I first saw the ad on the back of a dilapidated station wagon parked on the side of the road between town and the old community centre.
Change lives. Give blood.
Below they had a number you could call. I thought it strange that there was no address, no volunteer nurses in white clothes handing out free cookies and water to pale, dizzy folk. Just that ad, and the busted up car.
I had never given blood before.
When I met Delphine, I had just turned my life around. The details are not important. It’s just the usual humdrum tale of low self-expectation, crime, punishment and redemption everyone’s heard a thousand times before.
We met in a bar, as people sometimes do. I saw her from across the room, and she saw me. The former was understandable, as she was quite striking with her long black hair and pale complexion. The latter was less so, me being slightly overweight and with my beat-up features. Red faced at the time as well, more than likely. I had already drank a few beers. That’s probably what gave me the guts to spin over to her side of the room and start a conversation.
“I really like guys who are selfless,” she said at one point. “You know, volunteer at homeless shelters, give to charity, donate blood, stuff like that. Such a cliché, I know!”
Then she laughed. I would have built a house for every homeless person in the city for that laugh.
That night, after we traded numbers outside the bar and went our separate ways, I dreamed that we were together. She wouldn’t say anything, she just made this high-pitched whine in my ear. When I woke up, I saw I had fed some adventurous mosquito who had made it all the way up to my floor. I rubbed the bump on my ear and thought of her eyes, bright blue, hidden way back behind her dark hair.
I hate mosquitoes, I have since I was a child. Their very existence disgusts me. They feed on the lifeblood of other creatures, like tiny vampires without the sex appeal. I was sure I was allergic, that if enough of them bit me, I would simply swell up and burst.
Delphine and I met again, a different bar this time. We talked a lot, laughed a lot as well. When we got back to mine, we both cried as we talked about our lives. She said I could be a good person. I believed her.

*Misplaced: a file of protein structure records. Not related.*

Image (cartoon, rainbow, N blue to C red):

I saw the ad again the next day, this time on the side of a boarded up townhouse. I thought of Delphine’s type of guy, and I called the number as soon as I got home. They asked my name, age, weight, blood type and exercise habits. They were thorough, and I found myself telling truths to a complete stranger over the phone. Had I taken drugs in the past six months: no, I don’t take drugs anymore. Did I have any sexually transmitted diseases: no, I was tested after prison.
I was asked if I could come in for a donation that same day.
The lady at the counter when I arrived was in pristine whites, with her blonde hair pulled back in a bun and a pair of horn-rimmed glasses perched on the end of her nose. She gave me a sunshine smile for just under a second and after I had filled in the forms she directed me to the one unoccupied waiting chair. There was a man in the other chair. He was led away first, down the hall and to the left.
I was called not long after, the waiting table magazine unopened. My palms were a little sweaty. The doctor, or whatever he was, didn’t seem to notice as he shook my hand.
“Hello, Peter. Are you nervous?” he asked.
“I’ve never given blood before,” I said.
“Don’t worry, it’s perfectly natural to be nervous the first time. Please, follow me.” He led me down the hall, and to the left.
He looked at the bump on my earlobe, his fingers lightly brushing it.
“A mosquito bit me last night,” I said, “is it a problem?”
The doctor smiled.
“Possibly an allergy, but it shouldn’t pose any risks. Please, after you.”
The room was a white-walled rectangular box, with one metal trolley against the wall to lay on and a wastebasket in the corner. On the opposite side a huge floor length curtain covered the wall. I lay on the trolley and rolled up my sleeve.
“I’ll be back in a minute to take your blood,” the doctor said as he left the room. I heard the click as he locked the door behind him.
There was a whirring noise as the curtain slowly pulled back to reveal another room identical to mine behind a glass wall. The man who had gone before me was strapped to the trolley in his room.
I jumped off the cot and started banging on the door.
“What the hell is this?!” I shouted.
A metallic-sounding voice came over a hidden speaker in the ceiling.
From a vent in the wall in the other room, mosquitoes started pouring out like vibrating mud. Hundreds. Thousands. More than that, uncountable. They swarmed around the man, and his screams were soon muffled by the sheer volume of insects.
“It takes roughly 1,200,000 mosquitoes to drain a human body completely,” the voice from the speaker said. The other room looked almost full of them. “In the wastebasket, there is an emergency hammer for breaking glass. If you break the glass, you can save this man from a painful death.
Are you a selfless person, Peter?”
The Blue Ridge Project: A Novel
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